How to Roast a Chicken in Minutes

Every now and then cooks run out of time and suddenly find themselves under pressure, with a meal looming and a hungry family impatient for their baked chicken dinner. Stay cool. It does not have to take 60 minutes or more to roast a chicken, it just takes a little cunning and a fairly relaxed half an hour. Well, alright, it will take 35 minutes, but it will still be roasted and will still be the entire chicken. There are two methods you can use, one of which involves practically no work on your part at all.

So let's start with that one. You need a 1.5kg (that's about 3lbs) chicken or smaller. Mix together a little olive oil, some dark soy sauce, a teaspoon of paprika, a tablespoon of mixed dried herbs and two crushed cloves of garlic. Paint this mix all over the chicken, then put it into a roasting bag and seal it by twisting the end of the bag and folding it under the chicken.

Punch a couple of holes in the bag and microwave on High for 30 minutes. At the end of the cooking time, leave the chicken in the microwave, without opening the door, for a further 5 minutes. Be careful when you open the bag, just in case there is still some steam waiting to escape.

It can burn you. If you don't like that idea, or you don't have a microwave, then you can use a conventional oven preheated to 180C, 350F, but now you will have to joint your chicken. Don't worry, it's easy. You simply cut it into quarters using either a sharp cook's knife or kitchen shears. Start at the tail end with the chicken on its back and cut down through the parson's nose. Now stand the chook on its neck with the backbone towards you and cut straight down, using the notch in the parson's nose as your starting point.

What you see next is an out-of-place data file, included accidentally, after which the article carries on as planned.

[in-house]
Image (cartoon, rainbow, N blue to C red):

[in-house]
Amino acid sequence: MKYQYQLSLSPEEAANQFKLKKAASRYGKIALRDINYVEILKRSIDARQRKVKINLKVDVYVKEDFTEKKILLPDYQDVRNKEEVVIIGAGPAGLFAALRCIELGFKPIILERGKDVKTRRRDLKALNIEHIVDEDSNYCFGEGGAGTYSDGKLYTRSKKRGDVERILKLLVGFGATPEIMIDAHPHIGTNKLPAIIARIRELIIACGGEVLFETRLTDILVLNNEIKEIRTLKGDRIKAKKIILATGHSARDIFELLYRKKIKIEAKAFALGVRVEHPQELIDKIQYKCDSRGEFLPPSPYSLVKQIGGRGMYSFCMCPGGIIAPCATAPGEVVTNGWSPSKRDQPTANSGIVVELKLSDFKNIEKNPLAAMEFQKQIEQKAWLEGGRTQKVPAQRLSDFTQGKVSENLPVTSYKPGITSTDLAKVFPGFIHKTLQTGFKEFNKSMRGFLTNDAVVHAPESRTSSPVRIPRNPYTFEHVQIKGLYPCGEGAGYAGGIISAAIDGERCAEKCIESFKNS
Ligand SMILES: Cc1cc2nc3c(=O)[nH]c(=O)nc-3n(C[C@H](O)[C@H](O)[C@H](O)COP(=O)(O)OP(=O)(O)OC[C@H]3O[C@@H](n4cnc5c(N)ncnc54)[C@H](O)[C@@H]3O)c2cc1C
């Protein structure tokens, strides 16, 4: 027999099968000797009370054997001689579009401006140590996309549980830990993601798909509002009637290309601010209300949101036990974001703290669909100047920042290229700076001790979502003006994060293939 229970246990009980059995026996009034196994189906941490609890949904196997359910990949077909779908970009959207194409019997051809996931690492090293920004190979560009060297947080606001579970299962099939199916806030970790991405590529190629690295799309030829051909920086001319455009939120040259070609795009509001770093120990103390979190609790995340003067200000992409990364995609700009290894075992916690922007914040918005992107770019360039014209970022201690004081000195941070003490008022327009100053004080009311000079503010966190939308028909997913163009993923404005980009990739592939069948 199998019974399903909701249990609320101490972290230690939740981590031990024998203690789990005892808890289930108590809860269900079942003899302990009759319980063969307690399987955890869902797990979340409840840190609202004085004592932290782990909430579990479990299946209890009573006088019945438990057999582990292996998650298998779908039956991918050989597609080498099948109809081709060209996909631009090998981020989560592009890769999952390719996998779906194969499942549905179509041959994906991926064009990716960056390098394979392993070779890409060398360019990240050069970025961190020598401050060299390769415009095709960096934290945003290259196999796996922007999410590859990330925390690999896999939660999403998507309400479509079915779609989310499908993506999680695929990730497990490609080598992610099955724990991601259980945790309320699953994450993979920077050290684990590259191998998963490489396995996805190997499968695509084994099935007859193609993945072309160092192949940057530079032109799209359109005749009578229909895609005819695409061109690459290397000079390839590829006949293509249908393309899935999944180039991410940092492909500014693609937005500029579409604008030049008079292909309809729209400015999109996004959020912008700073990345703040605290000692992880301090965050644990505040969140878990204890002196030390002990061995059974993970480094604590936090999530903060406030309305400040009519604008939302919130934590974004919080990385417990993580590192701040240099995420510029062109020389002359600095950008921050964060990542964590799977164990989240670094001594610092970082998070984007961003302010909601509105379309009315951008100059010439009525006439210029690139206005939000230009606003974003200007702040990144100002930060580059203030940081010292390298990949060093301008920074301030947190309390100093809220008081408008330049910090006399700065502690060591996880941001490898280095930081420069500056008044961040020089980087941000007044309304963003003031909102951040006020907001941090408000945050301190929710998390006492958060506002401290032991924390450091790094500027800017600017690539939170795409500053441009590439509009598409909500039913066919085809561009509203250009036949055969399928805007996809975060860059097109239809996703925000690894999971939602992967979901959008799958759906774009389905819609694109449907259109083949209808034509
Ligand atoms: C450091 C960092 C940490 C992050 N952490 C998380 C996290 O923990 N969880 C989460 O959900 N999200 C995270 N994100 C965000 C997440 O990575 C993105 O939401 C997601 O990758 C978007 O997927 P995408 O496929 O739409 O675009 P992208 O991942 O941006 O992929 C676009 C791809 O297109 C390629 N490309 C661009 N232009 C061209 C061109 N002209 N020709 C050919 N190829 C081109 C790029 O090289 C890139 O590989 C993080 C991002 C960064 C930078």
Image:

Flatten out the bird, skin-side down, and cut from neck to tail, through the center of the gelatinous membrane that forms the breast-bone. Finally, cut across the halves between the thigh and breast to make your quarters. You will easily see where to do this. It's a natural cutting point.

Place the pieces skin-side up in a roasting tin large enough to hold them without overlapping, brush them with the mixture given above, and bake for 30 minutes, basting once. For the last five minutes turn the oven heat to full, which will help to give a crisper finish. You can miss out this step if you intend to discard the skin. As always with roasted meat, once the cooking time is over keep the chicken warm but let it stand for five minutes before carving. This lets it relax and allows the juices to spread evenly throughout the joint.

When you carve the breast, instead of slicing it lengthways as you normally would, remove it from the bone in one piece and then slice it at a slight angle, starting at the neck end and working back. You can joint the legs in the usual way.

Michael Sheridan is a former head-chef as well as an acknowledged authority and published writer on cooking matters. His website at contains a wealth of information, hints, tips and recipes for busy home cooks

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